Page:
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"Lockdown puts a brake on the virus and gives us time to prepare"


Globally, as nations curb the export of critical drugs and equipment to deal with Covid-19, India, with its limited resources, must find indigenous solutions to tackle it. India’s Principal Scientific Adviser
K Vijay Raghavan is the man in the hot seat. In an interview with
Malini Goyal, he talks about how the country is preparing to fight the battle. Edited excerpts:

What is the significance of the nationwide lockdown in the fight against Covid-19?

We are in a lockdown which, in some way, puts a brake on the virus. It cannot spread at the speed at which it was spreading. This has given us time to prepare and will help us put in place measures that will serve us well once the lockdown is removed. These measures are of three kinds. One, it will help us scale our testing in the standard way, which is the RT-PCR (reverse transcription-polymerase chain reaction) technique where you test the nasal swab sample for virus’ presence. Then we must also test in new ways which is pinprick blood test to look for antibodies against the virus. This allows late detection of virus’ presence with reasonable efficiency and is handy, available and can be a reasonable measure to test after four-seven days. Two, our newly launched app Aarogya Setu will allow us to keep track of infections and hotspots. Three, all this will keep us updated on the virus’ growth, trajectory and hotspots in the country. This will help us put in place massive measures to match demand and supply of healthcare facilities and accordingly move our personnel and resources where the needs will be. The Health Ministry and other ministries have come together to understand in an integrated way the demand and supply and deal with the situation.

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Won’t Aarogya Setu have limitations?
While it is available on smartphones, it will also be available on feature phones which will increase the penetration substantially. I cannot overstate the importance of the app. And it won’t succeed unless a large number of people use it.

From ventilators to testing kits, what are some of India’s biggest constraints as far as healthcare infrastructure is concerned? And how are we tackling it?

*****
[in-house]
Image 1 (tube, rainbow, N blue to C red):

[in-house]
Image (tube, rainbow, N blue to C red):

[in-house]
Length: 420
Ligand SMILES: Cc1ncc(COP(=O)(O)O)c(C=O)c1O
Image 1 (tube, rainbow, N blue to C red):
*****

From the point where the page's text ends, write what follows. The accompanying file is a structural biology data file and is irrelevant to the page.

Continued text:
The constraints are reasonably well known. And we are working to tackle them. Take, for example, ventilators. Ventilators were typically being imported. In this environment, imports are difficult. AgVa Healthcare is a well-known med-tech startup, which has developed ventilators in partnership with Dr Deepak Agrawal at AIIMS, Delhi. These are compact, portable and low-cost. They are now scaling up enormously. It is incredible to see how the component supply chain is being developed and scaled up. Many of our startups are now looking at the problems we need to solve and helping us find solutions. A committee headed by Amitabh Kant (CEO of NITI Aayog) is looking into how we could build many of these medical devices indigenously. Many of the AI/ML startups are now helping us in the tracking and treatment of patients. It is wonderful to see that all the investment we made in startups four-five years back, thinking it is fun and a good idea, is now paying off disproportionately in our fight against Covid-19. I have not even mentioned big companies like Tata, Mahindra, Kirloskar and Maruti, which are helping us. Tell us about the role our labs and scientists are playing in this fight. We have a very strong base of science and technology, which is now helping us. Institute of Genomics and Integrative Biology (IGIB) has just developed a new kind of test that allows us to deploy on the field in a new and rapid manner. IISc is working in partnership with a Pune institute to develop vaccines. Many of our CSIR labs are working to repurpose drugs based on modelling that gives insights on virus-drug interactions. Many of these, like the IGIB test kits, should be out in the next few weeks, What is so good to see is that everyone, from bureaucrats to scientists and technologists, is working together to solve some of these big problems we are dealing with. What would have normally taken months to collaborate and see results is now happening in weeks. A strong sense of shared purpose is visible today.

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Would Covid-19 have a lasting impact on how India invests in science and research?
Yes. All the debate around pure and applied science will go away. There is a strong realisation that science and society are deeply connected. Our war with and victory over Covid-19 will strengthen it.

What are your views on India’s testing strategy, which has got a lot of criticism?
Testing is important and it has both qualitative and quantitative sides. Testing should be stratified, scaled-up and include new techniques. We are working towards it. The lockdown has given us time to prepare. We must keep in mind that decisions are taken in a rapidly evolving situation with limited information and resources. Some assumptions will hold and some will not. We must have the ability to quickly change things when needed. The world is facing an enormous crisis. In a country with 1.3 billion, to do things we have done requires tremendous courage.





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